Two years with no farm extensions or new farms in some catalan areas

Two years with no farm extensions or new farms in some catalan areas

12th November 2019 - News

The Catalan Government recently approved the Soil Fertilisation and Livestock Manure Management Decree. This establishes an absolute moratorium of two years from the publication of the decree for the construction of new farms and the extension of the capacity of existing farms located in any of the 66 municipalities with a high livestock density index (LDI), i.e., over 1.2.

The objective of the new regulation is to ensure the quality of soil and ground water in the region, and also guarantee the feasibility and sustainability of livestock holdings. To achieve this, 500 random samples of agricultural land will be taken and analysed to check that they do not exceed the maximum concentrations of nutrients in the soil.

“The Farmers Union is very pleased that this decree has been approved. The problem is that not all vulnerable areas have surpluses”, says Rossend Saltiveri, who is responsible for the Farmers Union (UP) pig farming sector. The UP is not in agreement with certain issues set out in the new legislation, such as the temporary prohibition of the First Transitory Provision, which establishes that if the Catalan Government has not reviews the action programme one year after the next modification or extension, no new farms can be built and no extensions can be made to existing farms.

In turn, the Association of Young Farmers and Stockbreeders of Catalonia (JARC) has criticised the delay by the Department of Agriculture in publishing the new regulation. Even so, both organisations support this initiative. “In Alcarràs (Lleida) we have been using solid-liquid separation systems for some time now to treat slurry and we are making many investments to improve in this area. Obviously, the results are slow in coming but they will come, and with all these changes, we will not only improve the water quality, the nitrates we use will also be more natural”, explains Jaume Bernis, Sector Manager of the pig farming sector of the JARC and the Spanish Farmers and Stockbreeders Coordinator (COAG).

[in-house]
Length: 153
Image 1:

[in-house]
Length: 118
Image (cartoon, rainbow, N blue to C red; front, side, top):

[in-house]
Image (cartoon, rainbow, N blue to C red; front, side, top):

According to Bernis, “There are nitrates of livestock origin on farms, and also nitrates of human and above all, mineral origin, but no-one takes them into account. We do not want to shirk our responsibilities, and, as in all businesses, there are people who still do not do their jobs well. But we want to improve these nitrates by creating an opportunity to obtain benefits for future farms”. Saltiveri shares this opinion and adds that there is only one thing missing in the new legislation; control by companies over nitrates of mineral origin.

Revaluation of manure

In the place of origin (farms), the objectives are to reduce volumes of slurry, nitrogen and other nutrients generated on livestock farms by improving livestock feeding systems and the use of new technologies, the optimisation of storage systems and the consolidation of treatment systems to permit the export of nutrients outside areas with high livestock densities in a circular bioeconomy effort.

In the destination (application to fields or sale), the aim is to guarantee excellent fertilisation that is in keeping with the needs of both crops and soils.

In this respect, as Rossend Saltiveri says, “The equipment used to apply livestock manure should have a system that permits great uniformity in distribution and the proper adjustment of the dose, as well as having a conductivity meter or another equivalent precision method to estimate the concentration of nutrients in the slurry”. To ensure compliance with both regulations, they are asking the Catalan Department of Agriculture for “aid, finance, training programmes and technical advice”.

Another proposal made by the union is for the Catalan Government to establish measures each year to promote the engagement and development of all those regulations related to fertilisation management and livestock manure that go beyond that established by current EU legislation.

“We stockbreeders and farmers are affected in part by the obligations we have had until now, as we will have to file an annual report on the management of manure and other organic and mineral nitrogenous fertilisers in order to guarantee their traceability”, says Saltiveri. In parallel, to ensure traceability in transport, if the plot to be fertilised is at a distance of more than 10 km (5 km, two years after the publication of the decree), or in the case of a service company, the livestock manure transport equipment must be equipped with an electronic GPS that ensures better traceability of long-distance livestock manure applications.

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